For decades, multimedia researchers mainly evaluate visual systems according to a set of application-driven tasks, such as the cross-modal retrieval and concept annotation etc. Although the recent advance in computer vision has effectively boosted the performance of visual systems on these tasks, a core question still cannot be explicitly answered: Does the machine understand what is happening in a video, and can the results of the analysis be interpretable by human users? Another way to look at the limitation is to evaluate how many facts that the machine can recognize from a video.
This new ACM MM 2019 Video Relation Understanding (VRU) Challenge will encourage researchers to explore a key aspect of recognizing facts from a video, that is relation understanding. In many AI and knowledge-based systems, a fact is represented by a relation between a subject entity and an object entity (i.e. <subject,predicate,object>), which forms the fundamental building block for high-level inference and decision making tasks. The challenge is based on VidOR Dataset, a large-scale user-generated video dataset with objects and relations densly annotated. We announce 3 pivotal tasks in video object detection, action detection and visual relation detection to push the limits of relation understanding.
As the first step in relation understanding, the task is to detect objects of certain categories and spatio-temporally localize each detected object using a bounding-box trajectory in videos. For each object category, we compute Average Precision (AP) to evaluate the detection performance and rank according to the mean AP over all categories.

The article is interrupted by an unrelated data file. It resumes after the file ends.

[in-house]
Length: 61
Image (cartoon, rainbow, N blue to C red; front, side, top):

Action is another important semantic in videos. This task is to detect actions of certain categories and spatio-temporally localize the subject of each detected action using a bounding-box trajectory. For each action category, we compute AP to evaluate the detection performance and rank according to the mean AP over all categories.
Beyond recognizing object and action individually, this task is to detect relation triplets (i.e. <subject,predicate,object>) of interest and spatio-temporally localize the subject and object of each detected relation triplet using bounding-box trajectories. The categories of predicate will also include spatial type in addition to the action type. For each testing video, we compute AP to evaluate the detection performance and rank according to the mean AP over all testing videos.
The challenge is a team-based contest. Each team can have one or more members, and an individual cannot be a member of multiple teams in a task. For registration, please email the following information to the challenge organizers:
At the end of the challenge, all teams will be ranked based on the objective evaluation above. The top three performing teams of each task will receive award certificates. At the same time, by submitting a 4-page overview paper (plus 1-page reference) to ACM MM'19, all accepted submissions are eligible for the conference’s grand challenge award competition.
|Rank||Team Name||Performance: mean AP||Team Members|
|1||DeepBlueAI||0.0944||Zhipeng Luo, Yuehan Yao, Zhenyu Xu, Feng Ni|
|Rank||Team Name||Performance: mean AP||* Tagging Precision@5||Team Members|
|1||MAGUS.Gamma||0.0631||0.421||Xu Sun, Yuan Zi, Tongwei Ren, Gangshan Wu [paper]|
|2||RELAbuilder||0.00546||0.236||Sipeng Zheng, Xiangyu Chen, Qin Jin [paper]|
* Tagging Precision@5 is an auxiliary metric, which specifically indicates the ability of tagging accurate visual relations in top 5 but won't evaluate the accuracy of the bounding-box trajectories of the subject and object.
** The challenge has 23 registered teams from around the world. However, due to the big challenges in both the tasks and dataset, only a few outstanding teams successfully submitted results by the final deadline.
For registration and general information about the challenge, please contact: